Expensive Americas Cup WS Bang-Ups—Sailing News from U.S. and Beyond
Green Comm Racing (left) straddles Artemis Racing before the start of the final race of the America's Cup World series, Plymouth causing damage to the Swedish entry assessed at E100,000 Gilles Martin-Raget/www.americascup.com
The good news about the new AC45 class of wingsail-powered catamarans that are being used to contest the America's Cup World Series is that they are infinitely repairable. The bad news is that carbon fiber and specialized labor aren't cheap. Take, for example, the recent bang-up that took place at Weymouth, England at the ACWS' second stop of the tour. Here, teams encountered breezy conditions and fairly confined waters, the combination of which—coupled with aggressive starting-line sambas—got ugly when Green Comm Racing triggered a pile up between themselves, Artemis Racing and Aleph. Get the full scoop on who owes what to whom, as well as some impressive images of torn carbon fiber, inside this issue.
In Annapolis, Bruce Kuryla of the New York Yacht Club and the Milford Yacht Club and his team edged-out Steve Travis and his crew from the Corinthian Yacht Club of Seattle by a mere boat length in the final race of the U.S. Offshore Championship to win the Lloyd Phoenix Trophy. 'To pull it out at the finish line is unbelievable,' said Kuryla. 'We were behind Travis at the bottom mark, and after going back and forth with them, we trailed by a hundred yards at the top mark. We went low and fast in the light wind and kept creeping along in Long Island Sound style.' More, inside.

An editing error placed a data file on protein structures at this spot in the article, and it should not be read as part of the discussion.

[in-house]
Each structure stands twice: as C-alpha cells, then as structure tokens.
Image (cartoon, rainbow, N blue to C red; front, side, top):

Sailing from Lanzarote to Alicante aboard PUMA Mar Mostro Puma Ocean Racing
And in Volvo Ocean Race circles, Puma Ocean Racing's Mar Mostro is headed to Alicante and the late-October start of this much-anticipated offshore showdown. Puma Ocean Racing used Lanzarote in the Canary Islands as one of their training grounds, allowing them to quickly access full offshore conditions super close to their base. 'It's a fairly secluded marine facility on one of the windiest islands I have ever been to,' reports skipper Ken Read. 'Every day you get up to what sounds like the roof of your apartment being blown off. Here we go again, I would say to myself day after day—now I know what all the boys felt like that did the America's Cup in Fremantle in 1987. The wind every day just wears you out, but it was exactly what we needed.' Get the full download from Read on his team's state of play, and also be sure to read about Groupama's arrival in Alicante, inside.
Also in this issue, check out the official nominees for ISAF's Rolex World Sailor of the Year Awards, the latest from the Global Ocean Race and the Clipper Around the World Race, as well as previews for the TP52 Worlds, the Melges 24 U.S. Nationals, and the World Match Racing Tour's Gold Cup.
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